Tips on planting food plots for white-tailed deer

Published on Saturday, 31 August 2013 16:10 - Written by By Chad Gulley Smith County Extension Agent

As we approach the fall, many landowners begin preparation of planting food plots for the wildlife on their property. Planting a food plot over the years has been one of the most widely used wildlife habitat improvement techniques. Food plots increase viewing of wildlife as well as to increase nutritional quality and quantity of available forage for wildlife.

One of the first things a landowner should do when preparing for a food plot on their property is to perform a soil test on the site to be planted. A soil test costs around $10 at most soil testing laboratories. The soil test will help determine soil pH as well as what nutrients are lacking or present in the selected site. Be sure to follow the soil test recommendations for your site for limestone and fertilization requirements.

Deer prefer forbs over browse. The landowner will need to decide on what to plant for their particular goals. Some options include combination plantings of rye, ryegrass, oats, wheat, Arrowleaf clover, sweet clover, subterranean clover and cowpeas to name a few. There is no one forage species that can satisfy all the nutritional requirements of the white-tailed deer population throughout the year. If possible, remove livestock from areas where you plan to plant food plots. The livestock can compete with the white-tailed deer for the forage.

The size of the food plot and location of the food plot also come into play. Most food plots for white-tailed deer are 0.5 to 3 acres in size. Deer tend to feed along the edges of plots than the center and in many cases several smaller plots work better than one large food plot. A good rule of thumb is to plant 1 percent to 3 percent of the total habitat. In other words, 1 to 3 acres of food plot for every 100 acres of habitat.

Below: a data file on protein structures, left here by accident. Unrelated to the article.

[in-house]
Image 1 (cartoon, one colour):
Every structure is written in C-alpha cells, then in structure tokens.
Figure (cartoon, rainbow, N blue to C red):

Some landowners are looking into fencing options around their food plot to keep livestock or other wildlife species out of the food plot. Feral hogs, for example, may root up the site destroying the food plot. When white-tailed deer are in a food plot or feeding station and feral hogs show up, the deer usually leave.

Planting depth of the seed is another important factor. Planting some varieties of seed too shallow or too deep may result in poor stand development. Be sure to follow planting guides for the various seed variety combinations you are interested in growing in your food plot. It is also important to plant the various seeds at the correct rate to insure a better stand of forage.

Food plots can be useful especially during times when native habitat or food sources are scarce for wildlife. Many landowners enjoy viewing wildlife on their property and planting the food plot allows opportunity to view the wildlife species on the property. A census of the wildlife species on your property can be helpful for the management of the property. The food plot may bring white-tailed deer into an open area so we can determine body condition, the buck to doe ratio, and for many just the enjoyment of seeing wildlife. Today man

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